Romney, who has said he won’t vote for Trump, noted that while “Democrats launch blistering attacks of their own,” Biden “refuses to stoop as low as others.”
Griffin and Schwarzman Give Big to Help Collins in Maine (12:11 p.m.)
Kenneth Griffin of Citadel and Stephen Schwarzman of Blackstone Group Inc. have written big checks to help Republican Senator Susan Collins of Maine in her tough battle for re-election.
The two billionaires each gave $500,000 to the 1820 PAC in the third quarter, according to its latest filing with the Federal Election Commission. The super PAC raised $4.4 million, spent $4.6 million and ended September with $1.4 million cash on hand.
Other big donors include Las Vegas Golden Knights owner William Foley, investment banker Warren Stephens and Home Depot co-founder Bernard Marcus, who each gave $250,000.
State House Speaker Sara Gideon has a financial edge over the incumbent, fueled in part by a fundraising effort that began in 2018, sparked by Collins voting to confirm Brett Kavanaugh to the Supreme Court. Through June, Gideon raised $24 million, more than the $16.7 million for Collins. Campaigns for House and Senate seats are due to report their third-quarter fundraising to the FEC on Thursday.
The RealClearPolitics polling average shows Gideon with a 3.7 point lead over Collins, who has represented Maine in the Senate since 1997. -- Bill Allison
Race Remains Tight in North Carolina (11:38 a.m.)
Democratic nominee Joe Biden is narrowly ahead of President Donald Trump in North Carolina, but within the margin of error, in a race that will come down to turnout.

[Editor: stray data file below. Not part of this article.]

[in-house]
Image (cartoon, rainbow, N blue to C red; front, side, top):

In a Monmouth University poll released Tuesday, 49% of registered voters backed Biden and 46% supported Trump. In a high-turnout model, Biden support increases to 50%, while in a low-turnout model, the two are essentially tied. The poll had a margin of error of 4.4 percentage points.
In the past month, Biden has gained in 22 counties where the vote margins were closest in the 2016 election. In swing counties where Hillary Clinton won by a single percentage point, Biden leads Trump 59% to 38%.
But Biden’s gains were offset by Trump’s base solidifying his support in counties he won in 2016, where the incumbent now leads 61% to 35%.
Despite the news of his extramarital affair, Senate Democratic challenger Cal Cunningham gained ground over Republican Senator Thom Tillis. Cunningham now leads 48% to 44% compared to 46% to 45% a month ago.
The poll of 500 registered voters in North Carolina was conducted Oct. 8-11. -- Emma Kinery
Trump Ad Features General Without His Consent (10:46 a.m.)
Another Trump ad features a government official who did not consent to being used in advertising, according to reports.
After facing criticism for using Dr. Anthony Fauci in an ad, the Trump campaign is running an online ad that shows Joint Chiefs Chairman General Mark Milley and Vice President Mike Pence in the Situation Room.
“President Trump wants you to request your ballot,” the ad copy says.